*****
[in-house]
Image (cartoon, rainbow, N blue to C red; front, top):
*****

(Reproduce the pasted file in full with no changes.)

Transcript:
[in-house]
Image (cartoon, rainbow, N blue to C red; front, top):